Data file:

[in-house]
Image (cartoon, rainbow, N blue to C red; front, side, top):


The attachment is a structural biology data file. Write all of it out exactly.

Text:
[in-house]
Image (cartoon, rainbow, N blue to C red; front, side, top):